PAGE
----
Marie Louise Juul Søndergaard
Intimate design: critical-feminist design practices of intimacy
1. title and short overview of your PhD thesis. The title of my PhD thesis is “Intimate design: critical-feminist design practices of intimacy”. It is situated in interaction design, and more specifically in the field of speculative and critical design (SCD). The PhD thesis aims to contribute to the field of SCD through the lens of intimacy, and by drawing on the theoretical framework of feminist techno science, critical theory and software studies it aims to uncover the general research question: How can we use design to critically examine the role of intimacy in digital culture, and how intimate technologies shape our everyday life? This research question’s aim is twofold. The first aim addresses how intimacy matters in digital culture and how intimate technologies shape our everyday life, and the second aim addresses designerly ways of researching intimacy and creating spaces for discussing something intimate. Through my design experiments I have crossed themes such as menstruation, eroticism, unrecognized diagnosis, and gender and sexuality.
2. the nature of your ‘non-written work'. They explore the possibilities and challenge the notion of intimacy through a critical and feminist design practice. They facilitate spaces, where we can open up, reimagine, design and discuss different possible futures with different intimate technologies. They are computational artefacts, performative interventions, design anthropological studies and codesign workshops.
3. in what way your ‘non-written work' relates to your PhD thesis. My “non-written-work” (design experiments) focus on a continuum of intimate aspects, ranging from the intimate issues of bodily taboos, such as menstruation and (women’s) sexuality, to a temporal intimacy, that evolves when technologies are adopted, habituated and familiarized in everyday life, and to deeper material-discursive intimate issues, such as cultural aspects of gender and sexuality. Project Description for “Constructive and experimental practice in PhD research”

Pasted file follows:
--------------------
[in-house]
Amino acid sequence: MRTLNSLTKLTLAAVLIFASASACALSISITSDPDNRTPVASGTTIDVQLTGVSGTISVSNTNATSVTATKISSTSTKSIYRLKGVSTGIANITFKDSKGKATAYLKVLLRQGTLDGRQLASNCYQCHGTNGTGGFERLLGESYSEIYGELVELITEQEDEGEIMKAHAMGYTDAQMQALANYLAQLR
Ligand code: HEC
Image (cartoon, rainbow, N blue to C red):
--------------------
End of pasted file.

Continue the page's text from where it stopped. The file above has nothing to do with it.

4. how you integrate or consider integrating your ‘non-written work' into your PhD thesis. My thesis is an article-based dissertation, and since my “non-written-work” has been the starting point of all my articles, the “non-written-work” are integrated throughout my dissertation. I have a chapter in my dissertation that will present my design experiments (“non-written-work”), but I still do not know how this is going to end out; if it will be descriptions of the experiments, only pictures, graphics, schematics or something else. I also consider to do a small exhibition as part of the final dissertation period.
5. which scholarly traditions you base your methodology on. To contribute with an understanding of intimacy in interaction design research, this research takes an interdisciplinary approach by crossing the fields of design, HCI and computational culture/digital aesthetics/art. I base my design methodology on programmatic design research, where my design experiments (“non-written-work”) and design research program mutually shapes each other. Furthermore, my design methodology has a critical and feminist approach.
6. which difficulties you have encountered regarding your ‘non-written work’. I have experienced that the research community have regarded my “non-written-work” as too subjective, informal, not rigorous, and too protagonist-centred. That people have lacked an understanding of how it operates as a piece of research, saying that the research contribution has been too unarticulated. People have also thought the design artefacts lack fidelity and quality, that they are too primitive and lack sophistication in design, thought in materials, form and colour and texture.
7. what you wish to gain from the workshop. I wish to reflect more on my own design methodology; what challenges I have and how I can work with them during my last year of my PhD research. What are the particular characteristics of my “nonwritten- work” and how can I compare them and show that they each offers a different perspective? How have they also developed my research question? And how can they be seen as particular projects, each giving some knowledge, but also relating to each other and the more general aim of my thesis?